Night taxi service can also be arranged and operated by major hotels. Fare is slightly higher than metered taxi. One can rent a private car through a travel agent or a car rental company.
Hired Mountain Bike/ Ordinary Bicycle:
Mountain bikes and ordinary bicycles are cheap and the best form of transportation for economy tourists. One can hire them at Thamel, Rani Pokhari and Jhochhen, all in Kathmandu.
Long Distance Bus Service:
Long distance day or night bus services are available from Kathmandu to all cities of Nepal. New Bus Park at Gongabu at Ring Road near Balaju, Kathmandu, from where buses depart to different destinations. Six-seater Sumo Tata van, 12-seater van and air-conditioned mini buses are also available for long distance travel.
Domestic Air Service:
Nepal Airlines has an extensive network of air services to major parts of the country. Besides Nepal Airlines, other domestic airlines (there are more than 18 in operation) provide regular and chartered services to popular domestic destinations
Landline and mobile phone services are available in Nepal. Network covers Kathmandu, major cities and towns and most of Nepal, except some rural Himalayan places. Nepal Telecommunications Corporation at Tripureshwor, Kathmandu, is the national service provider. There are also private service providers. Hotels and private communication centers also provide long distance telephone and fax facilities.
For calling from outside, country code for Nepal is 977 and the area code for Kathmandu is 1. For other city codes are:
To call Nepal from other countries:
00 + country code (977) + city code + telephone number
Example to call Pokhara: 00-977-61-421123
Example to call from North America : 011-977-61-421123
Telephone area codes:
Internet is widely accessible in Kathmandu. There are countless Internet cafes and communication centers in the Valley and around the country. Wi-fi services are also provided at various hotels and restaurants. Visitors only have to find a place they are most comfortable in to use the facilities to keep in touch with home. Internet services are also offered by hotels.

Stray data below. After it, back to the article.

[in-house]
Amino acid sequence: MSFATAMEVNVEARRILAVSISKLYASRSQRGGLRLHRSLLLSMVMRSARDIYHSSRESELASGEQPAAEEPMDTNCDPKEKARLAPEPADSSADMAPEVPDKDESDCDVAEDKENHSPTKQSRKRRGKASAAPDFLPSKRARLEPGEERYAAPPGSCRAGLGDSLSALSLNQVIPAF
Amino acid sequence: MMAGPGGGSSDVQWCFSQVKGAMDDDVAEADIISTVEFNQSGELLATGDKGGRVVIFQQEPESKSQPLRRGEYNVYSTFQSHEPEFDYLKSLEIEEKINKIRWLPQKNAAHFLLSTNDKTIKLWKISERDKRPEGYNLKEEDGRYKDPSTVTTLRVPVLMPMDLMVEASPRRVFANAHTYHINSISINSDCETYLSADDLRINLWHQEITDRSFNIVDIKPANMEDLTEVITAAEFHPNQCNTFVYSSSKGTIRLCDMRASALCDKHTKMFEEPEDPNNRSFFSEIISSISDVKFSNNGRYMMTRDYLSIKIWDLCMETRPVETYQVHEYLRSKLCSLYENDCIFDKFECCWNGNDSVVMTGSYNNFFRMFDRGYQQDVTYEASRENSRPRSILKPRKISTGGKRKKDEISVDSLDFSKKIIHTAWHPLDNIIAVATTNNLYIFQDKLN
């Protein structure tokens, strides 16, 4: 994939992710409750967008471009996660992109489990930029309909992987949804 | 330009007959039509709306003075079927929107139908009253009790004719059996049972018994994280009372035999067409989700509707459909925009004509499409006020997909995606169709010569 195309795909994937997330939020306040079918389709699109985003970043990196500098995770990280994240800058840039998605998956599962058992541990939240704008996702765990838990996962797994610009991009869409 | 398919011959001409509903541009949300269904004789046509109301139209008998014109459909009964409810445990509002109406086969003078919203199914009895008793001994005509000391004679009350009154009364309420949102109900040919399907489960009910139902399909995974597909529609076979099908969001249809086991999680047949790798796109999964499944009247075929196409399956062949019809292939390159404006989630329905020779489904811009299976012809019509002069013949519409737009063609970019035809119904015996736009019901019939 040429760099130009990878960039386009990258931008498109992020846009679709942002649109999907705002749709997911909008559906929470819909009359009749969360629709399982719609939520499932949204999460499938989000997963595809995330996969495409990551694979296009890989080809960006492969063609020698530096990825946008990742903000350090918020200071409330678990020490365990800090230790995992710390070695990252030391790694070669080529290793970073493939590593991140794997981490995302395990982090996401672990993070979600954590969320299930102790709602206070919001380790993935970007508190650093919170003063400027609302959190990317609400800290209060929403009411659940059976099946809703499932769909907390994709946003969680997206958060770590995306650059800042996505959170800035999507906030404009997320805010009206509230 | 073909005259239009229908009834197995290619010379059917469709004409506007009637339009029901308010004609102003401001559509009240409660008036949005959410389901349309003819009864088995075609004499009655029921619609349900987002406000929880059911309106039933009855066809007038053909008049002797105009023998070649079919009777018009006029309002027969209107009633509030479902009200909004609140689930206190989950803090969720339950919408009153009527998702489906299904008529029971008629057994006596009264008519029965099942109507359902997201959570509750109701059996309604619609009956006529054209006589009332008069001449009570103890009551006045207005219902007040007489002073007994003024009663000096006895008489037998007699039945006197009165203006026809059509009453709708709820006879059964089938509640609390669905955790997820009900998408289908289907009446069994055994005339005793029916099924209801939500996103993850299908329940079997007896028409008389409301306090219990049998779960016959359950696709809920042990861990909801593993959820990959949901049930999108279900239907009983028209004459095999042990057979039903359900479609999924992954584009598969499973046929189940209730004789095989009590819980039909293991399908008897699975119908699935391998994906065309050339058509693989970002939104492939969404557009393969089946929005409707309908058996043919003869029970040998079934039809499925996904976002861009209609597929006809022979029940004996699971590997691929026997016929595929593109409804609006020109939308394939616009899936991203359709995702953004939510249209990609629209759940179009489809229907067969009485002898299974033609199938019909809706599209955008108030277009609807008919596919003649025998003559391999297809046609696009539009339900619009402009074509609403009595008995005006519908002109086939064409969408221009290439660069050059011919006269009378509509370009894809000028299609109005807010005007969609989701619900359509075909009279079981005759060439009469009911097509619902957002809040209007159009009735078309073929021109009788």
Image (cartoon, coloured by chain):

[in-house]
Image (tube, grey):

The Central Post Office located near Dharahara Tower, is open from 10 a.m. to 5 p.m. Sunday through Friday. The counters are open from 10 a.m. to 4 p.m. and provide stamps, postcards and aerograms. Post Restante is available from Sunday through Friday from 10 a.m. to 5 p.m. Express Mail Service (EMS) is available at GPO and at Thamel, Basantapur and airport postal counters.
Major towns have electricity and the voltage available is 220-volts and 50 cycles. Load shedding or power cut is scheduled during the dry season and eases off once it begins to rain. However, most major hotels have uninterrupted power supply through their own generators.
Major Nepali daily newspapers are Gorkhapatra, Kantipur, Rajdhani, Samarcharpatra, Nagarik and Annapurna Post while the English dailies are The Rising Nepal, The Kathmandu Post, Republica and The Himalayan Times. A number of other newspapers and magazines are also available. Government audio and television news networks are Radio Nepal and Nepal Television respectively. Numerous FM radio stations and television stations are run by private organizations.
Permits / Fees etc.
Heritage Sites/ Museums / Zoo
Entrance fees must be paid before touring heritage sites around Kathmandu Valley like Bhaktapur Durbar Square, Patan Durbar Square, Kathmandu Durbar Square, Boudhanath, Swayambhunath and Changu Narayan Temple. Entrance fees must be paid before touring Lumbini Gardens, the sanctuary of the Mayadevi Temple, the birthplace of Lord Buddha, in Lumbini, Rupandehi. Entrance fees must be paid before touring the Central Zoo in Jawalakhel, Lalitpur, and museums in Kathmandu Valley. Entrance fees must also be paid before touring local museums in different parts of Nepal.